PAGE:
Member since: May 23rd, 2006
Sep 25th 2008 1:56PM The story you link to about the German government has nothing to do with the user ID issue. The German government quite simply didn't think people should use beta software (apparently, the German government doesn't know much about the web) and that it didn't think people should use a browser that's from Google because somehow that would magically add more of their information to Google. Of course, I don't think they issued a similar warning not to use the IE8 beta from Microsoft, to which all the same exact arguments against Google could be applied.
Jun 17th 2008 3:15PM Been loving Hulu, but reality check, Mark.First, I'm at it last night to catch up on Battlestar. Except only the last three episodes are out there. Why? Crap if I know. It's not like I can buy them on iTunes or on DVD. There's not particular reason to offer them free online and then four weeks later remove them. It's a bad user experience and one that made me think hmm, maybe I should go looking for an alternative way to get them.Second, I'm over here in the UK. Hitting Hulu and getting that annoying "sorry, we only work for those in the US" says dinosaur media in a big way. But hell, I fired up a way to fake my IP address and was golden, at least if they'd had Battlestar.Now third, where you're all like oh no Google, you can't make money. Let's get this straight. People are paying the TV networks absurd amounts of money to put fairly untargeted ads in front of them on broadcast. And now they're putting all this stuff up online, so fair to say fewer of us are going to be sitting around waiting for it to show up on TV? So yeah, big whoop -- Hulu makes lots of new online ad revenue at probably lower prices than the broadcast side. Nice job TV dinosaurs, you're robbed from your rich and given to your poor.Don't get me wrong. I think TV is long overdue to see ad revenues adjust to reality, and Hulu is way smart to understand people want it on demand through the web, just like they'll pay for DVDs or Tivo/Sky Plus to watch when they want.As for Google, Mark -- they've got oodles of cash. They are the top video site on the web. They'll figure out something and more important, it's not like they have to right now.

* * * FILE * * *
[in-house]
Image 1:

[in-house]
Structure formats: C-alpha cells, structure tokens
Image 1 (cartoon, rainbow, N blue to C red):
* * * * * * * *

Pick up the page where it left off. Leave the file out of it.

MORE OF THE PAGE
Apr 29th 2007 6:54PM Jason, where's the love?Is Jason Calacanis Great Or The Greatest?http://daggle.com/070427-234036.html
Mar 1st 2007 8:59AM 10%ers, heh, I love it!None is Squidoo's fault? C'mon Jason.Squidoo was clearly designed from the ground-up to get traffic from other search engines. Those nice neat URLs ranking in Google like you point out, http://www.squidoo.com/laptopbag/, that's self-evident.So now people are tapping into Squidoo? Am I mistaken, or those mortgage pages -- they are carrying Google AdSense that Squidoo profits off of over on the right hand side, right?Put the blame first and foremost on Squidoo itself. Let anyone in to make anything? Exercise some control. Improve your ranking. Use nofollow. And don't leave the doors open like that in the beginning.
Jun 28th 2006 4:35PM Bang on times two! Very well said and explained, wrapping all this stuff up nicely.
Jun 20th 2006 4:34AM Didn't hear word one from your PR company nor AOL's internal communication department about the launch on my end, Jason -- frankly, pretty suprising. So scratch us off the list as a result of their work.